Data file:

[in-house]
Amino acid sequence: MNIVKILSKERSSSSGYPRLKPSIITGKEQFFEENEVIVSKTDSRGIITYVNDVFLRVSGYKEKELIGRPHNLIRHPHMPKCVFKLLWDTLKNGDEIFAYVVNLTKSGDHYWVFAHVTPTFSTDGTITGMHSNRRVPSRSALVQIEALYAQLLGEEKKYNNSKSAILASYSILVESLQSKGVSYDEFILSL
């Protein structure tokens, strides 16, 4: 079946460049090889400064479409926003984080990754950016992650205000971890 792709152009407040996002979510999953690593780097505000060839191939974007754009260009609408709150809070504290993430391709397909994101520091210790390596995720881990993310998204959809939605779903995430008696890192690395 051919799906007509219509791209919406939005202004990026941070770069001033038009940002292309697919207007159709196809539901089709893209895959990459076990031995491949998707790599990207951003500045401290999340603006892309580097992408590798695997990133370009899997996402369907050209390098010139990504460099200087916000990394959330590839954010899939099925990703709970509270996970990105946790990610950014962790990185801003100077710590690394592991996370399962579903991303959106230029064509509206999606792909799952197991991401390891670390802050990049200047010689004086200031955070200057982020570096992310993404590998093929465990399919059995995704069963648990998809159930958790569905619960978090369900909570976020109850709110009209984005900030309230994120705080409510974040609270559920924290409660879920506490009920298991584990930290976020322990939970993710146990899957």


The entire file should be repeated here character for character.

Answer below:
[in-house]
Amino acid sequence: MNIVKILSKERSSSSGYPRLKPSIITGKEQFFEENEVIVSKTDSRGIITYVNDVFLRVSGYKEKELIGRPHNLIRHPHMPKCVFKLLWDTLKNGDEIFAYVVNLTKSGDHYWVFAHVTPTFSTDGTITGMHSNRRVPSRSALVQIEALYAQLLGEEKKYNNSKSAILASYSILVESLQSKGVSYDEFILSL
């Protein structure tokens, strides 16, 4: 079946460049090889400064479409926003984080990754950016992650205000971890 792709152009407040996002979510999953690593780097505000060839191939974007754009260009609408709150809070504290993430391709397909994101520091210790390596995720881990993310998204959809939605779903995430008696890192690395 051919799906007509219509791209919406939005202004990026941070770069001033038009940002292309697919207007159709196809539901089709893209895959990459076990031995491949998707790599990207951003500045401290999340603006892309580097992408590798695997990133370009899997996402369907050209390098010139990504460099200087916000990394959330590839954010899939099925990703709970509270996970990105946790990610950014962790990185801003100077710590690394592991996370399962579903991303959106230029064509509206999606792909799952197991991401390891670390802050990049200047010689004086200031955070200057982020570096992310993404590998093929465990399919059995995704069963648990998809159930958790569905619960978090369900909570976020109850709110009209984005900030309230994120705080409510974040609270559920924290409660879920506490009920298991584990930290976020322990939970993710146990899957």